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Engaging environmental policy-makers with systematic reviews: challenges, solutions and lessons learned
- Collins, Alexandra M., Coughlin, Deborah, Randall, Nicola
- Environmental evidence 2019 v.8 no.1 pp. 2
- decision making, issues and policy, systematic review, United Kingdom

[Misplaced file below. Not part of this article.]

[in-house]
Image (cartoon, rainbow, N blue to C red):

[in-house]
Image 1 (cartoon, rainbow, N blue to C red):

- The creation and accumulation of robust bodies of knowledge, along with their dissemination, utilisation and integration in decision support are key to improving the use of evidence in decision-making. Systematic reviews (SRs), through their emphasis on transparency, replicability and rigour, offer numerous benefits throughout the policy-making cycle and for improving the use of evidence in environmental policy-making. As a result there have been numerous calls to increase the use of SRs in environmental policy-making. This commentary paper introduces the challenges of engaging policy-makers with SRs and, using experiences of producing SRs with Government Departments and Agencies within the UK and Europe, identifies possible solutions and shares our lessons learned. It highlights that co-production can help to overcome a number of challenges by ensuring that review questions are policy-relevant, that the context of the review is taken into consideration and that review’s findings are communicated so that they are recognised and used in policy decision-making processes. Additionally, a pragmatic approach to the review’s methodology may be required to respond to policy-making requirements. Here, a risk-based approach can communicate the trade-offs between the rigour and timeliness of the review. Ensuring that systematic approaches are upheld at all times can help address impartiality concerns and can develop skills in both reviewers and policy-makers to increase awareness of systematic methods, leading to changes in practice and culture within decision-making organisations and the promotion of evidence informed policy development and decisions.